“Yes. The objects directed at us almost all missed, destroying some of the alternate versions of us that were created by the light speed drive. The paralyzing light you experienced was the result of the emergence of a billion different yous and the almost-instantaneous flash out of existence of those same yous. That is according to the theory behind the engine, of course.”
Vi steps forward. Wasa recognizes the look she has as joy, but to Wallace it probably looks like rage.
“See?” she says. “I knew your genius would come out once we started cutting things off of the Nav Officer.”
“I was raised with her,” Wallace answers. “She is my sister. Please remember that.”
“I got all kinds of sisters. All out there in that village,” Vi says. “Remember that.”
Walking out by herself, brave from Wallace’s success with the angry gods, Wasa finds a survivor of the crew down the vast way from the farthest Lunadii village. He is out near the boundaries of the hall light, crouched behind a tree in a dead orchard, snuffling in the false-dusk. His leg is bandaged in a filthy rag. He doesn’t so much as flinch when he sees her.
The nameplate on his uniform says Belker.
“What did you eat this whole time?” she asks.
An exhalation: “Leaves.”
“This dead shit?”
“You all didn’t take very good care of the ship.” She points at the rows of dead amra trees, hog plums clustered in deflated stacks.
“We let them die. We were going to have the colonists dig them up and replant.”
“People need something to do on a ship.”
Belker shifts uncomfortably.
“You going to kill me?”
“I could. I could bring Vi out here.”
“Whoever that is,” Belker winces, “sounds like a bad person.”
“Where are we?”
“We passed the angry gods.”
He breathes in a different way. “No one’s ever done that.”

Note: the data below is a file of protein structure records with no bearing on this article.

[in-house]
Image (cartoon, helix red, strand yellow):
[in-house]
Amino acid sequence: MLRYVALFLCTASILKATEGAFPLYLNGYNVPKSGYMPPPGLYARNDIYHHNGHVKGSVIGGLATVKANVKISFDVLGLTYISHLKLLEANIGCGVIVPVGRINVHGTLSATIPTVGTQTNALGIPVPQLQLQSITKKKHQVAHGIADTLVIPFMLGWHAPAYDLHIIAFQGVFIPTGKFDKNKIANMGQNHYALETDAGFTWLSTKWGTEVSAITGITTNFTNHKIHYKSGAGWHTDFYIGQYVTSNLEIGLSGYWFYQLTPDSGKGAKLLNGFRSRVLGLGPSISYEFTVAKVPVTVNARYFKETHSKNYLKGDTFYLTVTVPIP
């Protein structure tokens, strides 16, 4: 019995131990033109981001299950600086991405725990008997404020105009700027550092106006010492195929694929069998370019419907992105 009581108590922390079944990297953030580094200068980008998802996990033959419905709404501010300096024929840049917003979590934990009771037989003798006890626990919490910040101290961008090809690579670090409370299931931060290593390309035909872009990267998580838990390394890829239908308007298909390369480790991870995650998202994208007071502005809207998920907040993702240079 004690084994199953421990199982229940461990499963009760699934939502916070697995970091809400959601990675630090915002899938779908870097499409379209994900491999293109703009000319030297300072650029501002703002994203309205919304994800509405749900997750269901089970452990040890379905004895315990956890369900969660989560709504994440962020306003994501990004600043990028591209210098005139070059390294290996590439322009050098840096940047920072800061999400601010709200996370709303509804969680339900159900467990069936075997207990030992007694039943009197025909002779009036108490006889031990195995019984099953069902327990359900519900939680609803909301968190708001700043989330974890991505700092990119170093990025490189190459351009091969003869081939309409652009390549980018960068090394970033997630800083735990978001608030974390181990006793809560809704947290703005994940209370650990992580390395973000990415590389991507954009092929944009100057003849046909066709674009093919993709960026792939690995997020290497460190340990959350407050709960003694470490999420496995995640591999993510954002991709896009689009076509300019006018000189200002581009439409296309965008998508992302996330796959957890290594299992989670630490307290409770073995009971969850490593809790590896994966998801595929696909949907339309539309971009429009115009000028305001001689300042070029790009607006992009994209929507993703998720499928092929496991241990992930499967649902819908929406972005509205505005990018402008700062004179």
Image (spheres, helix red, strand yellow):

He winces again and he seems younger, the way kids are when they’re in pain.
“Stay here,” Wasa says. “I’ll be back.”
“No. I’m going to bring you some food.”
As Wasa gathers food, Vi stands near her, chewing a piece of leather. Wasa focuses on hoping that Vi does not ask her whom the food is for. The village is quiet around them.
“What’s it going to be like?” Vi asks. “To meet Asha.”
“I don’t know.”
“I picture lots of light.”
“What do you think she’ll do with us?”
It is the same question and Wasa doesn’t answer it.
“The guy I killed that got me in Lunad… Wasa, I didn’t have to. I killed him because I wanted to,” Vi says, out of the blue.
“That fucker put his hands on my sister. She has Downs Syndrome. We’re too poor to get her resequenced. The motherfucker puts his fingers in her. She comes home crying, man, these big sad eyes—Wasa, you wouldn’t believe how mad I got. So I found him and got all flirty. I got him drunk. He’s wearing this nice leather coat. As he’s talking and talking I go to the bathroom then walk up behind him and real subtle trickle lighter fluid all over the back of his jacket, then down his neck. I could see it mix with his sweat. In my other hand I had the lighter.”
Vi raises the leather to her mouth and bites.
“Here’s the thing,” she says. “I saw him again today in the hallway, walking right at the edge of the light.”
“The man you killed?” Wasa asks, staring at the food she is collecting.
“The same.” Vi’s mouth is dry and her chewing sounds like grinding bones. “Let him stand in one place long enough. I’ll kill him twice.”
Belker is grateful for the food, but doesn’t say it. He eats the bacon and eggs that Wasa brought for him, mouthful after mouthful. The orchard is quiet around them.
“Wallace tell you yet?” he asks.
“Tell me what?”
“We’re close to the last god. To Asha.”
“How do you know?”